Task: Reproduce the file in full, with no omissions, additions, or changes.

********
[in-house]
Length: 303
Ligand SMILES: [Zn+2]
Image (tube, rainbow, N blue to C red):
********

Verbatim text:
[in-house]
Length: 303
Ligand SMILES: [Zn+2]
Image (tube, rainbow, N blue to C red):